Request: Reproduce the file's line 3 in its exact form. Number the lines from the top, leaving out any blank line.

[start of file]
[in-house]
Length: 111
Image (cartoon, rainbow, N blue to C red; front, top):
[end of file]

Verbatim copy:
Image (cartoon, rainbow, N blue to C red; front, top):